The sun is shining, blue expanse of sky and darker blue ocean, scrub pines and dunes covered in poison ivy, as well as an extensive variety of plants whose names are not important except for the myriad shades of green and the fact they kept this house safe during the hurricane.
To my right, the pinecrowned evergreens are taller and full of chittering, chattering birds and crickets. One American flag stands, at ease.
To my left, faraway a few wisps of clouds linger like reluctant ghosts of drowned fishermen, above the jetty. Two American flags hang, barely moving, as if they are not yet awake. It is early, not even the lifeguards are on the beach. Stretching my arms, I imagine gathering in the glory of it all, hoping to keep a pocketful for the future, knowing from experience it is better to just be here now.
The faded, soft red, slightly tattered umbrella on the deck, where I now survey this wonderland, stayed up all night and is remembering the stillness of black, the Milky Way and all stars, large and small, that twinkled so daintily. We could have made a million wishes, me wrapped in one of the many quilts provided here and the old umbrella, brave and open to the fickle winds of change after change.
At this place I call heaven on earth, downstairs a woman might be dying, too young, far too young. Her husband is beyond weary, angry, and he needs a haircut underneath his well-worn NY Yankees baseball cap. Of course, I don't tell him he needs a haircut; I just listen and meet the brother she has not been speaking to for fifteen years, who drove from East Rutherford because she called, saying she thought she was dying today. He complains about the cost of gas to get from there to here, then pulls out a cordless razor and starts shaving. I am just on the ground to place recyclables into one of the cans.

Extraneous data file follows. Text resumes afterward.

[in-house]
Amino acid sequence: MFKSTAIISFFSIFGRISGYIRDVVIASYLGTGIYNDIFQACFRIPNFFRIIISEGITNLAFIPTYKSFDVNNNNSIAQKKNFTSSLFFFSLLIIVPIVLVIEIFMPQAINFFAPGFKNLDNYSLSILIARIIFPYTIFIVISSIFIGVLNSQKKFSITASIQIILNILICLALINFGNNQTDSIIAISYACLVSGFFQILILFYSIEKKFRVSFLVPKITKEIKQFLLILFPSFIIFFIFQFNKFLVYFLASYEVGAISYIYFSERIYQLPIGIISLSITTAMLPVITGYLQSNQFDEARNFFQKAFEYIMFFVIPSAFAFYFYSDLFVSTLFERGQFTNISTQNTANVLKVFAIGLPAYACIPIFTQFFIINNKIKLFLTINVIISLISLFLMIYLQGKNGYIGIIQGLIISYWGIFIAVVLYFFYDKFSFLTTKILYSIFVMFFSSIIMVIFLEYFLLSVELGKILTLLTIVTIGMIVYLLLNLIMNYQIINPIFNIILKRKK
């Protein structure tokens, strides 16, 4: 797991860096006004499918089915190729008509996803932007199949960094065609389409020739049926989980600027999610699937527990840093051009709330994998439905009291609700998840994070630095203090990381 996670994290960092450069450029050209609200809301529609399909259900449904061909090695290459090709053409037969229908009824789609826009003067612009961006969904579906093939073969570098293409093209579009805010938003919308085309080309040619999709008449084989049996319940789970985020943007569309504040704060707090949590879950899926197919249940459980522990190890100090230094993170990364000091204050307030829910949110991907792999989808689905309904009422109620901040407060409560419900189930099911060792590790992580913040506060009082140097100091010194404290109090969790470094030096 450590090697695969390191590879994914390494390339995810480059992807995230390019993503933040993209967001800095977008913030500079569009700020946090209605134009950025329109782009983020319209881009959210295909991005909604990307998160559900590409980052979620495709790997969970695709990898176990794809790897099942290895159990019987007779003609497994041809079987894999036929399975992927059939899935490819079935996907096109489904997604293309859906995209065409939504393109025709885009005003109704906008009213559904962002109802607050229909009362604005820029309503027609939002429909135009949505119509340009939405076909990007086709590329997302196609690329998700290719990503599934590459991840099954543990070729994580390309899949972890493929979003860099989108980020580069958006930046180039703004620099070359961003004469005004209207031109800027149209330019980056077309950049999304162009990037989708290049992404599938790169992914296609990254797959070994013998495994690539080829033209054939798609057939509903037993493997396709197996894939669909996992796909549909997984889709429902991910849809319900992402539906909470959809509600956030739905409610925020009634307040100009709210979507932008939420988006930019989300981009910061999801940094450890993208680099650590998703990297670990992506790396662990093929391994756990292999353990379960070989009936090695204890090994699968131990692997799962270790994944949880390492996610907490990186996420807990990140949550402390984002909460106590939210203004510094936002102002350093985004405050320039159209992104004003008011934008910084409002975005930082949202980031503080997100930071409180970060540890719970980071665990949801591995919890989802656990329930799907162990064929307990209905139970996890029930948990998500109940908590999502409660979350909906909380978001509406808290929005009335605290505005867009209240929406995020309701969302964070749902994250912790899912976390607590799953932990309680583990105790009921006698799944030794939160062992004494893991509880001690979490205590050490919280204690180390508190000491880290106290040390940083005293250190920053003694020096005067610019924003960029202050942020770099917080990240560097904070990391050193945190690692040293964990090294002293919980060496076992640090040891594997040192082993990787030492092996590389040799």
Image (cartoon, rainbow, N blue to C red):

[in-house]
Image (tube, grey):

The husband, the brother, and I talk about car mirrors and how they have changed over the years. We calmly discuss the possibility of having to move three cars and seven bicycles, if the husband decides to call the ambulance, as if we are discussing the breeze coming from the bay instead of the ocean. Which, on any island, decides the choices of the day. Biting flies and dull heat being the main annoyances.
Back up two flights of stairs to my favorite place, the upper deck, I bring a book and coffee. In a heightened state of alert, I hear a small, spoiled dog padding on gravel; I hear bees buzzing and a few cordial "good mornings", as people pass on paths down to the ocean.
The wind shifts and I hear a cell phone woman's voice," Well, it's 9 am and someone needs to deal with it and I can't get through to Barney...Oh, I didn't mean you; you've got your babies this week. How are the darlings?...Uh, huh, well... you know how I feel about grown people babysitting...no, not you, Rose...I mean for money. Honestly, I would find it incredibly boring...Oh, you're in the middle of making them pancakes? Why didn't you say so?...My family? No, God forbid, I left them all home, but they keep calling me as if I don't have a life or I might be lonely...Forget I called. No, really, enjoy your time with the little ones. Give everyone hugs and kisses from me...No, seriously, don't worry; Janet is next on my list. She hasn't done anything of significance lately...Yes, yes, love ya, bye!" This was followed by a long, dramatic audible sigh, louder than the ocean, as if pretending to be cheerful was such a burden.